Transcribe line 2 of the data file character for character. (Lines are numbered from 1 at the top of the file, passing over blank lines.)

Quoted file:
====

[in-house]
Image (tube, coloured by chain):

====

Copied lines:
Image (tube, coloured by chain):